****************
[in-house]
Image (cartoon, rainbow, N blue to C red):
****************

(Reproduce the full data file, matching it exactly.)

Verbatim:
[in-house]
Image (cartoon, rainbow, N blue to C red):